South America: Foreign Players in the Football League
South America reinforced its credentials as the strongest footballing continent when Argentina lifted the World Cup for the first time on 25 June 1978 at the Estadio Monumental, Buenos Aires. By beating the Netherlands 3-1 to win the tournament they had hosted, Argentina joined neighbours Brazil (three times winners) and Uruguay (twice) as World Champions in six of the eleven tournaments to date. Within weeks two members of their squad would join Tottenham Hotspur, arriving in the Football League to begin a new chapter in English football history.
While the dramatic signings of Ossie Ardiles and Ricky Villa were welcomed by many, opponents of an influx of South Americans included PFA Secretary Cliff Lloyd, who was worried that the transfer trend for foreign players “could spread like wildfire”. How players from across the Atlantic would cope with the English climate, culture and language barrier – and manage to thrive on the mud-bath pitches of the day – was the subject of much speculation. Was it possible for the new arrivals to make a successful transition from South America to England?
The British had been heavily involved in the origins of football in South America, but this was the first time the relationship was reciprocated. As the historic Football League restrictions on foreign players were lifted in the summer of 1978, simultaneously Argentinian footballers were now allowed to leave the country – the Argentine FA lifted a ban on exporting players which had been put in place to help coach César Luis Menotti prepare for the World Cup.
The first English manager to explore the newly available market was Sheffield United’s Harry Haslam. His contact in Argentina was the notorious 1966 World Cup captain, Antonio Rattín, and he worked with coach Oscar Arce [Fulloné] at Sheffield United. Haslam alerted Tottenham manager Keith Burkinshaw to the availability of World Cup winners Ardiles and Villa, who were priced beyond the Second Division club’s budget. It was still a spectacular coup when they brought play-maker Alex Sabella from River Plate shortly afterwards. Haslam would sign a second Argentine for Sheffield United the following summer, Pedro Verde (the uncle of Juan Sebastián Verón), who was nearing the end of his career and made little impression in the Football League.
Also helping to ease Sabella’s transition to English football was another South American on the coaching staff at Bramall Lane, Uruguayan Danny Bergara. Haslam was full of praise for him: “Danny’s influence on the team has been tremendous because of his coaching, his methods and his set ups.” The two had first worked together at Luton Town in the mid-1970s; regarded as an innovative coach, Bergara was later involved with England teams at youth level. He became the first manager in the Football League who spoke English as a second language, at Rochdale in 1988, before enjoying his greatest success in charge of Stockport County.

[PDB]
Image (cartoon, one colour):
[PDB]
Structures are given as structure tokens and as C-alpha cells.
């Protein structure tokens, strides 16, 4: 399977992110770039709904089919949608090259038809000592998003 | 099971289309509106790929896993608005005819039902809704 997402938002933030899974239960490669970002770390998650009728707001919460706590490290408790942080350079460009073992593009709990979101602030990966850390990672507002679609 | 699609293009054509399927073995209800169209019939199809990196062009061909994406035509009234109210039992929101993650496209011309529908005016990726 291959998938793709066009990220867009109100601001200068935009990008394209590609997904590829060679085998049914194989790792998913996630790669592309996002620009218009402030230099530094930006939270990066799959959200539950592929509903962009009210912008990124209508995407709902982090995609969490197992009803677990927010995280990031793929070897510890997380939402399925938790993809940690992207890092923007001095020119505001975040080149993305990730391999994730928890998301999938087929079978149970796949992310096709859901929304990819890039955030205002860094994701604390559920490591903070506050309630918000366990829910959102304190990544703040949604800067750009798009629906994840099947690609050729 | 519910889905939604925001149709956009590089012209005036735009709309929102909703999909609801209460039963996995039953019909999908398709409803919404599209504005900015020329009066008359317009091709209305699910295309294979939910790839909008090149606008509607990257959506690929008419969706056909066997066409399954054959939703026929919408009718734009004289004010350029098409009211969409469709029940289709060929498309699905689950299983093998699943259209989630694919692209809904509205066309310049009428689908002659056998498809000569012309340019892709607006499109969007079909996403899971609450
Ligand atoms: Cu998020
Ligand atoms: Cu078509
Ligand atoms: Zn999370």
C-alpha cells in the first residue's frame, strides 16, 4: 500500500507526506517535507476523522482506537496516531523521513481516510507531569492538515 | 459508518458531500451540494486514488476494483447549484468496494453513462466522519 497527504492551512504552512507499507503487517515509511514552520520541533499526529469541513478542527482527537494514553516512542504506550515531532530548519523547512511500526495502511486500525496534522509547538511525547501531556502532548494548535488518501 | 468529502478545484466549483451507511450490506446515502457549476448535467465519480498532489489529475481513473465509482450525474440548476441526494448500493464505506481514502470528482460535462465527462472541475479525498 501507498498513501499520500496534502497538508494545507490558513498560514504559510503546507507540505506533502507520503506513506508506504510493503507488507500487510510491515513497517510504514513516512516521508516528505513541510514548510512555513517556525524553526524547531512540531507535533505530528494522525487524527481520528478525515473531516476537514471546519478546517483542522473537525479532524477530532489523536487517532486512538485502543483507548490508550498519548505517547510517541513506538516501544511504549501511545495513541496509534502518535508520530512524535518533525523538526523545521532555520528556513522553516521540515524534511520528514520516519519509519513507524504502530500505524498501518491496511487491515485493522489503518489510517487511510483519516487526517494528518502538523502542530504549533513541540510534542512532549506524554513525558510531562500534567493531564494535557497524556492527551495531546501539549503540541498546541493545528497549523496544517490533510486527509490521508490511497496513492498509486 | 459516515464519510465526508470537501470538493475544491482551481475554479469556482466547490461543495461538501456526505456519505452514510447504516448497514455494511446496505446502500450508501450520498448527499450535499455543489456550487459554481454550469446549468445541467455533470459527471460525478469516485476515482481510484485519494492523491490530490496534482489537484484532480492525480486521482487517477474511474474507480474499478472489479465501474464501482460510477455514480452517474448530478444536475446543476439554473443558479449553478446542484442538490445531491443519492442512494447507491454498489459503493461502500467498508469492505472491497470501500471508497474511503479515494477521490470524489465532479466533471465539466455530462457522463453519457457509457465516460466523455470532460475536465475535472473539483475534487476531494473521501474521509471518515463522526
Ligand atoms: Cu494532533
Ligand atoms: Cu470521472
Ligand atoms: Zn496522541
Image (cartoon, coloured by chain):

The gifted Sabella was unlucky to play for a struggling side in a lower division – Sheffield United were relegated in his first season and he spent 1979-80 in the third tier. He then joined a Leeds team in decline, battling relegation from the First Division at the start of the 1980s. On returning to Argentina with Estudiantes in 1982, Sabella became a championship winner and a national team player, winning eight caps in 1983-84. He took Argentina to the 2014 World Cup Final as manager before his untimely death in 2020.
Birmingham City unveiled another member of the World Cup-winning side early in the 1978-79 season, left-back Alberto Tarantini. The player was available when a move to Barcelona fell through, after a prolonged contract dispute with Boca Juniors. Tarantini’s brief 23-game First Division spell at Birmingham was an unhappy one, best remembered for him knocking out Manchester United’s Brian Greenhoff and fighting with a fan at his final game. It was no surprise when his stay ended even before the end of the season – with Birmingham destined for relegation, he returned to Argentina with Talleres de Córdoba. Details of his contract later revealed that Tarantini was on a basic weekly wage of £363, plus bonuses, with the club covering transport costs and living expenses for his family in England.
Tarantini’s miserable experience was echoed by Claudio Marangoni, who became Sunderland’s record signing when he arrived from San Lorenzo in December 1979. With Arce now on the coaching staff, Sunderland had attempted to sign Sabella in the summer of 1979, but returned to Argentina for Marangoni. While he was felt to be well suited to English football, the midfielder barely lasted a single season. Like Sabella, Marangoni went on to represent his country and win several trophies back in his homeland, notably the 1984 Copa Libertadores and Intercontinental Cup (against Liverpool) with Independiente.
Marangoni, Sabella and Tarantini’s misfortunes in England were in sharp contrast to the success of Ardiles and Villa, who had travelled as a pair, joined a stronger First Division side and had team-mates such as Glenn Hoddle on their wavelength. The inability of these undoubtedly talented individuals to adapt to the Football League illustrated the difficulties facing foreign players in that era. These early imports from South America had to overcome a very different social and sporting culture, homesickness, the language barrier, heavy pitches and the physical nature of the English game at the time, especially below the top level.